Multi-Channel Funnels (or MCF) attribution model in Google Analytics is one of the most known attribution model reporting features that are widely used by marketers. Google Analytics is known to have over 57% market share in the web analytics category, which is roughly over 4.5 million companies.
The MCF (Multi-Channel Funnels) attribution models include –
Despite such reports are available in Google Analytics, there are marketers who are not able to make these reports useful for their campaign optimization efforts. I don’t blame them, every business has different measures.
BI and Data Science play a very important role to help marketers gain data visibility into the marketing metrics
It is no surprise that BI (Business Intelligence) is widely adopted in marketing. BI and the analytics insights you get are evaluated by marketers to understand what happened in the past. Common measures marketers would look at are the traffic volume per each step of the marketing funnel, conversion rates, average order size, etc. Marketers would assess historical campaigns that ran, and apply those learning back into the media or campaign planning.
BI has been backward-looking as the focus is about answering the business questions around “What happened?”. Through standard reporting, marketing would try to answer what happened in the past by reviewing the data marketers collected through Tag Manager, web analytics data stored in Google Analytics, or integrated data stored in a data warehouse.
Nowadays, businesses are adopting Data Science to predict what will happen based on historical data trends. Businesses want to know what they should be doing. More businesses want to be forward-looking and their usage of data so that they can answer the questions “What will happen if we do XYZ?”, or “What should we do given the budget situation?”.
Businesses that invest in Data Science find a tremendous amount of business value as they are using the data to be more proactive, or prescriptive so they can take proper action. For example, knowing the conversion rate is decreasing is interesting and not good news, but businesses would find it a lot more valuable if they knew the variables that would influence the conversion rate’s growth.
Source: Bill Schmarzo “Big Data MBA”
Multi-touch attribution is a marketing analytics method that evaluates the impact of customer touchpoints in driving conversion. It helps marketers determine the value of those specific touchpoints in the buyer’s journey.
It is very common that consumers’ shopping journey span across channels and devices before resulting in a sales conversion. For marketers to optimize campaigns and create more effective customer experiences, marketers need to know those buyer touchpoints a customer came in contact with.
The objective is to understand where to put more or fewer efforts and allocate campaign budgets from those that were ineffective to an effective campaign channel.
MTA is designed to assign credit to the customer’s touchpoints that influenced the consumer to convert. The MTA models are built to measure each channel’s effectiveness for the buyer’s journey and provide a clear ROI impact from each marketing campaign execution.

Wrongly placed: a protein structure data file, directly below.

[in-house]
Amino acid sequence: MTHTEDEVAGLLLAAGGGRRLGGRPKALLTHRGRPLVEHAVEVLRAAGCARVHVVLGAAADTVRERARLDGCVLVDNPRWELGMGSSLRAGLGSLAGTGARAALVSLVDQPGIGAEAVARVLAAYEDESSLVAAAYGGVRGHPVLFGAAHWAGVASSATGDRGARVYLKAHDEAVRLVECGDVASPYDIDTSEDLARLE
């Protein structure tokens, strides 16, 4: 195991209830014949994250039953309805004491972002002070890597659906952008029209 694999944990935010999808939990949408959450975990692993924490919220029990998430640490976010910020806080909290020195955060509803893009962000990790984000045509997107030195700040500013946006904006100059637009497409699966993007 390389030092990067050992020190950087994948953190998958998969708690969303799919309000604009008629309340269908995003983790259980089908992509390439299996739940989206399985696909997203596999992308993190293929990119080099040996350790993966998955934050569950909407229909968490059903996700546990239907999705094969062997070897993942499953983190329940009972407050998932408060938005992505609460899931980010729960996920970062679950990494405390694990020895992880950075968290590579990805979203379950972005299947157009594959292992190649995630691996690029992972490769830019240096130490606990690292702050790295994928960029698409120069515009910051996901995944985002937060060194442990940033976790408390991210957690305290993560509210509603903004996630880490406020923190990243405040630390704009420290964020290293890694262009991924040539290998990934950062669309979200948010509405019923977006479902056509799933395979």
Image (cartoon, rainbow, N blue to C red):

Source: Nielsen “Real Returns: What matters most in digital advertising”
Marketing (or Media) mix modeling is a marketing analytics technique that helps in quantifying the impact of several marketing inputs on sales or market share. The purpose of using MMM is to understand how much each marketing input contributes to sales, and how much to spend on each marketing input.
MMM has been used by marketers for a very long time. Very common for measuring the contribution of various media investments including TV, Radio, etc. MMM allows you to measure the contribution of ad investment by comparing the sales when the ads were running Vs. the sales when the ads weren’t active.
MMM technique also takes into account seasonality, weather, promo, product launches, economic trends as long as necessary variables are provided to the model’s inputs. With MM, you’d know the optimal channel mix to drive the greatest ROI.
MMM gives you a top-down, macro-level view of your campaign efforts across the marketing channels, while MTA provides a bottom-up, user-level view of your campaign approach.
For B2C, a common attribution model is provided in Google Analytics as MCF attribution model and reporting. The common models we see marketers use are:
Many marketers are facing challenges in measuring attribution. We hear these challenges from our contacts across various industries.
The challenges vary by businesses and the marketer’s needs, but the common area of attribution challenges are:
Our view of the current landscape of MTA are the following:
We believe many businesses and marketers on a free Google Analytics aren’t leveraging existing capabilities to its full potentials, and marketers feel it is not enough to support their MTA reporting needs.
And most of the MTA solutions and services are a huge jump in terms of costs and capabilities for many businesses. The cost of enterprise-grade attribution tools is not reasonable for many businesses investing in digital marketing campaigns.
Most of the tools that support MTA rely heavily on marketer’s experience and leadership. And the majority of the enterprise-grade MTA solutions require a large monetary commitment from setup to analyzing performance.
The solution in the market lacks the bridge between data and recommendations.
Because the majority of marketers already have access to Google Analytics and it is set up to track various marketing campaigns, we believe it is a great solution to work with. Even before considering to invest a very expensive solution, since time-to-value is a very important aspect of investing in solution/service to help marketers improve attribution visibility.